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A new projection of opioid overdose death rates suggests that even if there is steady progress in reducing prescription narcotic abuse across the country, the number of fatal overdoses — which reached 47,600 in 2017 — will rise sharply in the coming years. No matter how you slice it, the nation’s opioid epidemic “is not finished growing,” said decision scientist Jag Chhatwal of Harvard Medical School and Massachusetts General Hospital, who led the research.

TACKLING PRESCRIPTION drug abuse will hardly make a dent in America's ongoing opioid crisis in the coming years, a new study suggests. "People who start using prescription opioids, at some point, may transition to the next stage, (and) as the supply-side shifts happen, we see increased availability of illicit opioids," says Jag Chhatwal, an assistant professor at Harvard Medical School and a senior scientist at Massachusetts General Hospital's Institute for Technology Assessment. He is a co-senior author of the study, published Friday in JAMA Network Open

Almost 620,000 gay and bisexual men in the United States were living with HIV in 2014, and 100,000 of these men were not even aware of their infection. These men are 100 times more likely to have anal cancer than HIV-negative men who exclusively have sex with women. Yet, no national screening guidelines exist for anal cancer prevention in any population. Anal cancer is predominantly caused by chronic or persistent human papillomavirus (HPV) infection. HPV infection can lead to the development of anal precancer which, if remains undetected or not adequately treated, may lead to anal cancer. Likewise, HPV infection is

New York: Use of the generic versions of directly-acting antiviral (DAA) drugs that are available in India to treat hepatitis C virus (HCV) infection can increase lifespan while reducing lifetime health care costs, says a study. Compared with no DAA treatment, use of the generic drugs in HCV-infected Indian patients would increase life expectancy by more than eight years while reducing lifetime health care costs by more than $1,300 (Rs. 116,442) per person, said the study published in the journal PLOS ONE."Our hypothesis was that treatment would be cost saving, given the low drug costs in India. However, we were

WBUR examined fast-moving changes in cancer research and treatment in a series we're calling, "This Moment In Cancer." Leaders in cancer research say the field has reached a pivotal moment, including the discovery of new treatments. But, these new treatments come with a price tag that many experts believe is unsustainable. Richard Knox joined Morning Edition to discuss the rising costs associated with cancer drugs. Below is a transcription of our conversation with him.  Read full story here.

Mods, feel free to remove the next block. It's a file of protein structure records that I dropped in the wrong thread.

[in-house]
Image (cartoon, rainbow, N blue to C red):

This story is part of our "This Moment In Cancer" series. Nearly a half-century separates the Obama administration's Cancer Moonshot from President Richard Nixon’s War on Cancer. But Greg Simon, the moonshot's inaugural director, says the two programs are really one marathon effort. “We’re not starting a new war on cancer,” says Simon, a former corporate executive who has a type of blood cancer. “We’re trying to finish the one we’ve been in. What’s different now is everything.” Simon reflects the general bullishness among cancer cognoscenti about the prospects for a great leap forward in cancer care. That fresh enthusiasm is why we're

Dr. Jag Chhatwal, assistant professor of radiology at Harvard Medical School, has studied the economics of treating hepatitis C in prisons and said that while the drugs are expensive, liver transplants and treatment for patients with hepatitis C in its later stages are also costly. He said treating the disease in prison is worth it in the long run because cutting the number of infected people in prison has a dramatic impact on the number of people living with the disease society wide. That’s because the average length of time anyone spends in prison is three years, but it can take

The high cost of hepatitis C drugs may be straining budgets nationwide, but the country can save money if prison inmates are screened and treated for the disease, according to a new study. “The problem is that not enough prisoners are getting treated because the drugs do cost a lot,” said Jag Chhatwal, a study co-author and health economist at Massachusetts General Hospital’s Institute for Technology Assessment. “Meanwhile, this is a population where many have used drugs, shared needles, and infected others. If prison budgets can afford [the drugs], there could be long-term substantial savings.” Read full story here. 

Doctors, patients and insurers have been struggling with how to determine who should be treated for hepatitis C now that effective but wildly expensive drugs can all but cure the disease. Treating prison inmates is a good investment that would save money in the long run, a study finds. The drugs, Harvoni and Sovaldi, cure about 90 percent of patients, but at a hefty price, about $90,000 per patient. The drugs are made by Gilead Sciences and were approved by the Food and Drug Administration in the last two years.Read full story here.